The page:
When the Windows Mixed Reality platform was introduced a couple of applications had these really cool 3D app launchers you could place somewhere in the mixed reality world and launch the app when selecting them. Unfortunately back then, there was no way for developers to use this feature for their own applications. Luckily those days are gone, Microsoft introduced new APIs in the 2017 Fall Creators Update (RS3) for their immersive headsets. Since April 2018 Update (RS4) even HoloLens devices can use them.
As you might know, most of the Windows Mixed Reality appilcations out there are made using the Unity Engine. Once you are done developing and want to deploy to a device, you’re going to do a Unity build which will create a Visual Studio Solution for us targeting the Universal Windows Platform. All good so far. Now if you’ve read through the 3D app launchers documentation you’ll notice that in order for them to work, there is some changes we need to do to the Visual Studio project file and the appmanifest file for them to work. This is where things get complicated, since those changes are gone when you create a new Unity build in a different folder or build your app using continuous integration somewhere in the cloud. So let’s fix this by creating a Unity post build script to do the required changes for us whenever we build. Credit for most part of the code goes to Edd Smith, Head of Creative Tech at Fracture Reality. I applied some minor tweaks to get it working with IL2CPP scripting backend.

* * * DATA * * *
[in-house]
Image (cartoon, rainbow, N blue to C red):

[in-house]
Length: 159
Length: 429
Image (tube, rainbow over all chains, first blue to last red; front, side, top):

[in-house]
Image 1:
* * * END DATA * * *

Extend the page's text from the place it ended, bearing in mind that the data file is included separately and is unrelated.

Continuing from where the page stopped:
First, we’ll create scriptable object to conveniently hold our 3D launcher data. So create a folder 3DLauncher in your Unity project Assets folder. Then create a new Script file and name it AppLauncher3D. Insert the following code:
Once Unity has compiled the script, you’ll get a new menu item in the Editor Assets menu under Assets->Create->3D App Launcher. Next create a new folder Editor in your 3DLauncher folder and create another script file in it, name it AppLauncher3DEditor. This script is going to use the
UnityEditor namespace, that’s why it must be inside a folder called Editor, so it’s not included when building for the target platform. Anyway, here’s the code:
Let’s break this into smaller pieces:
This is our entry point. Since we added the
PostProcessBuild attribute to this static method, Unity will execute it, once it has finished building the UWP solution and give as the path to the exported project. Since Unity will do this, even when not targeting the UWP platform, we have to make sure, we are targeting it. Then we lookup the AppLauncher3D asset we created to read the configuration from it. Remember it contains the path to the .glb file and eventually overrides bounding box and center.
This is where we peform the 3 steps necessary for the 3D launcher to work:
- Add the required definition to the package manifest
- Add the asset to the project and mark is as deployment content
- Copy the .glb file into the projects assets folder
I’ll leave it up to you to dig into the specific methods and discover them!
And we’re done! Go ahead and create a .glb file for your 3D launcher, then add it to your Unity project assets and create the scriptable object asset to configur it. Build your project and you’ll have a shiny new 3D app launcher!